The current applications for nuclear batteries are limited. The average person has no reason to buy our products. We typically deal with businesses and/or scientific organizations interested in long-term partnerships that evolve their technology.
Tritium batteries are a long-term investment, so contact City Labs for a specific price on our packages. Base price starts at $5,250 per battery; however, discounts are provided for bulk orders, and customizations may cost extra.
One of the reasons tritium batteries are so environmentally-friendly is they eventually decay to helium-3, a stable non-radioactive isotope. Tritium itself is a byproduct of nuclear reactors. When it is harnessed in a betavoltaic cell, its entire lifespan will be spent powering a low-power device. Once it has fully decayed, it will return to a stable state.
Due to the potential of any residual radioactivity, you should send tritium batteries to a proper facility for disposal.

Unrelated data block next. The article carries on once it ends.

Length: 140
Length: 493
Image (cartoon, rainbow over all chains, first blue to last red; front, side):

The complex nature of radioactive materials makes them difficult to recycle without the help of a specialist. If tritium has not reached the end of its useful life, it may be able to be repurposed in another device.
If it has already stabilized—or decayed to the point where it’s no longer useful—it should be sent to a radioactive material disposal facility.
Tritium batteries are by no means the only type of nuclear energy in today’s market. There are multiple companies researching and developing their technologies to improve existing power sources.
Many of these innovations, however, do not target the same demographic. Some are for large-scale consistent power generation, while others are meant to be portable and independent. Below is a brief summary of where tritium batteries and other nuclear power sources fit into the mix.
Fusion reactors are large machines that aim to capture energy from nuclear fusion reactions. Theoretically, this energy could provide massive amounts of power in a sustainable manner. In practice, however, fusion may still be decades away from commercialization.